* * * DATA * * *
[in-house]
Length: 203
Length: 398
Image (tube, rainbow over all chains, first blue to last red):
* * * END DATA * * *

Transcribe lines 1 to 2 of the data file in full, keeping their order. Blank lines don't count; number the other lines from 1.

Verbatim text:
[in-house]
Length: 203